Digital transformation will assist telecom operators to yield EUR 200 billion or $227 billion in operating free cash flow (opFCF), Arthur D. Little (ADL) report said.
Global telecoms posted low-single-digit global revenue growth from 2014 to 2017 — mainly driven by North America. Operators have struggled to grow wireless revenues in established markets due to saturation.
GSMA says North America’s wireless subscriber penetration has peaked and is expected to grow only 2 percent from 2017 to 2025.
Telecom operators in North America achieved wireless revenue CAGR of 1.1 percent from 2014 to 2017.
Eastern and Western Europe experienced wireless revenue CAGRs of 0.9 and 2.4 percent, respectively, from 2014 to 2017.
Eastern and Western Europe experienced fixed-revenue CAGRs of 1.5 and 2.1 percent, respectively.
In Western and Eastern Europe, regulatory pressure has also had considerable impact on top-line figures. The rising number of OTT alternatives to traditional telecoms voice and pay-TV services has resulted in competitive pricing, which has caused further ARPU erosion, as well as subscriber loss.
Telecoms revenues will be growing at 3 percent CAGR globally from 2017 to 2022 – mainly due to increased high-speed wireless data coverage in emerging markets, higher revenue from fixed infrastructure, and new use cases enabled by 5G deployments in more mature telecoms markets.
Telecoms will be making new revenues from 5G from new B2B and B2B2X use cases. But there will be no significant incremental revenues from consumer 5G services.
Telecom operators in Latin America and the Middle East and Africa (MEA) will achieve total revenue CAGRs of 5.2 and 4.9 percent, respectively, from 2017 to 2022 – due to increasing wireless coverage and subscriber penetration.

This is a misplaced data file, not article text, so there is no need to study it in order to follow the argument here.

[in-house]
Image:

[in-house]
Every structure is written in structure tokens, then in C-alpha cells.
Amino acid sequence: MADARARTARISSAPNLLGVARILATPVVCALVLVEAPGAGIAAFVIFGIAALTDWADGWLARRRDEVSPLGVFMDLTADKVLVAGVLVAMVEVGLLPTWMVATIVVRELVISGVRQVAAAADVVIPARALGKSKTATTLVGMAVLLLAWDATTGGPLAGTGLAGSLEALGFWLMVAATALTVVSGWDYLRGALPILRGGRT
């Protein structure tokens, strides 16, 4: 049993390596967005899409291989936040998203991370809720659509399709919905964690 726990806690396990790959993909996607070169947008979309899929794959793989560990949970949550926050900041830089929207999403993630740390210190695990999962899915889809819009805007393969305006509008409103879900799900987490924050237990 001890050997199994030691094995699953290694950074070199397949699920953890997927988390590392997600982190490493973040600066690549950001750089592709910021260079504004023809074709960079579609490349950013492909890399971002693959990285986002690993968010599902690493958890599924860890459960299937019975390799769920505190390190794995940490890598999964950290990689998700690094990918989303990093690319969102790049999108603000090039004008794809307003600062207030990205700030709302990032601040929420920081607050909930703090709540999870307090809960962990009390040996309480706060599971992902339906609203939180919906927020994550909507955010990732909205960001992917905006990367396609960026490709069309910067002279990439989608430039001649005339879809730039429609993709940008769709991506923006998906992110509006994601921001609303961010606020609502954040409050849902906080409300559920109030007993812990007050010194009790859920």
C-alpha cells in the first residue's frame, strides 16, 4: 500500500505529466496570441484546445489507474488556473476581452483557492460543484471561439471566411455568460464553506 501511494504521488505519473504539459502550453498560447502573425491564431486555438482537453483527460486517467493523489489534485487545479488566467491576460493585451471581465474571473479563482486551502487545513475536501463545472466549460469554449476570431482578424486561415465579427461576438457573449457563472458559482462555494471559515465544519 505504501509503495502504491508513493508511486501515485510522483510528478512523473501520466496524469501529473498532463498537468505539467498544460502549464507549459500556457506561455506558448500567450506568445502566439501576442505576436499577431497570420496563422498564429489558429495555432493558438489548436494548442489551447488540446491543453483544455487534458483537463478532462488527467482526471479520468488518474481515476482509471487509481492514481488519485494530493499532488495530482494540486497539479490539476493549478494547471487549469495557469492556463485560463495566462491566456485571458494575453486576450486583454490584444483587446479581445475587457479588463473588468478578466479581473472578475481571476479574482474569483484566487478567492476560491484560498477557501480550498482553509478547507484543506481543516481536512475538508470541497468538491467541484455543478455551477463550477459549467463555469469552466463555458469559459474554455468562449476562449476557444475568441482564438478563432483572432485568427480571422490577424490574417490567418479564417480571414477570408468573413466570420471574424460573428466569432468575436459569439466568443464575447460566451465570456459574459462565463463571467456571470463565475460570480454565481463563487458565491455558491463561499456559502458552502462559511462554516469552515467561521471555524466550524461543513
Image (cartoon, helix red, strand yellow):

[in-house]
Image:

North America’s telecom operators will be achieving total revenue CAGR of 4.6 percent from 2017 to 2022.
Global telecoms Capex will be growing at CAGR of 7 percent from 2017 to 2022 – a rate that is more than double the historical CAGR and outpaces the forecast growth in global telecoms revenue for the same period.
Main focus will be on 5G deployment and fiber network expansion in mature telecoms markets, as well as LTE investments in emerging markets.
Capital investments to contribute significantly to the erosion of free cash flows for telecoms operators from 2017 to 2022.
Global telecoms Opex will increase at a CAGR of 2.7 percent from 2017 to 2022, which is roughly in line with the historical growth.
Digitalization is the application of digital technologies and interfaces, new ways of working to change an existing business model and create incremental revenue and other value-adding opportunities.
Digitalization of the telecoms industry can have a significant positive impact on operator financial performance, but operators have to act now to generate incremental cash flows from digitalization.
Mobile operators can make core business activities more efficient and reduce time to market for new products. The result of the digitally enabled revenue acceleration and growth opportunities is 1–2 percentage-point uplift in revenue-growth over the next five years.
Telecoms operators will make Opex savings across from digital transformation, with Opex CAGR over the next five years slowing to 1 percent from the base case projection of 2.7 percent.
Digital transformation related investments do not significantly impact the total projected Capex CAGR at approximately 7 percent.
Aside from digital transformation, consolidation and new technologies, such as 5G and the IoT, are also expected to play an important role in shaping the telecoms industry, the report said on Monday.
The analysis report the vast majority of global telcos are still at a relatively early stage of digital maturity. The analysis is based on the latest available financial results of 190 telecoms operators globally, their historical performances since 2014, and their projected performances until 2022. ADL conducted a survey of more than 100 telco senior executives on digital transformation.